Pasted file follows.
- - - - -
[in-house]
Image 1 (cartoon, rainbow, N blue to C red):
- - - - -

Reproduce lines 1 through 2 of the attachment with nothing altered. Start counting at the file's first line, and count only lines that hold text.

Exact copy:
[in-house]
Image 1 (cartoon, rainbow, N blue to C red):